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Water, Tube and Resistance

  1. Apr 16, 2012 #1
    Hello all,

    I've not posted in a long time, but I will start by thanking you for your input pertaining to my last posts (about ice). They were very helpful.

    I have a new small dilemma, and I hope you can give me some direction on how to resolve it.

    I have a small tray that collects water slowly. This tray is only a foot long and 2" deep.

    I've drilled a hole in the side of the tray (trying to attach a pic)http://www.biznet.net/images/capture.jpg [Broken] and I've inserted a 1/4" vinyl tube with an inner dimension of 0.17".

    The tube is inserted on the side (parallel to the table surface), so I don't know if that is causing the issue.

    The tube runs to the edge of a table, and then straight downwards. No rising before it goes downward.

    The tube will allow water to flow down it sometimes. and sometimes, no matter how deep the water gets, the water will not start flowing down the tube on its own unless I move it around.

    Is the problem the inner diameter, or is the problem that I have the tube inserted at the side and horizontal of an inch or so?

    I've tried this with black rubber tubing as well to see if it was the material. Same results.

    I thought that the water would simply drip out the side and down the tube gradually as needed, but that does not seem to be happening.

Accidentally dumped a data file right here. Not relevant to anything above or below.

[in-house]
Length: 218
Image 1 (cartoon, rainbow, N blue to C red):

Thank you in advance for any insight you might give.

    Sincerely,

    SJ
     
    Last edited by a moderator: May 5, 2017
  2. jcsd
  3. Apr 17, 2012 #2

    haruspex

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    The tube will narrow considerably as it bends over the edge of the table.
    You could try stiffening it somehow so that the bend is more gradual.

    At these dimensions, there's not going to be much water pressure. A bubble in the tube could easily create an airlock, but I'd have thought you'd be able to see that. Can you see how far the water gets into the tube?
    You could try flushing a little detergent through the tube first.
     
  4. Apr 17, 2012 #3
    Thank you.

    Is there a minimum inner dimension that you know of that would make it work more reliably?

    Yes, we're trying to keep it as small as we can.

    SJ
     
  5. Apr 17, 2012 #4

    haruspex

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    No, can't help with that. It would depend on the head pressure, i.e. the depth of water above the inlet. Make the inlet as close to the base of the tray as possible, and make the distance the tube has to go before heading downwards as short as possible. And as I said, make sure the inside of the tube is grease-free.
     
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